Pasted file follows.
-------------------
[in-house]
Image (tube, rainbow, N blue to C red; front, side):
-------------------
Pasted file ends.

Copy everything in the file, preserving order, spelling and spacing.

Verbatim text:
[in-house]
Image (tube, rainbow, N blue to C red; front, side):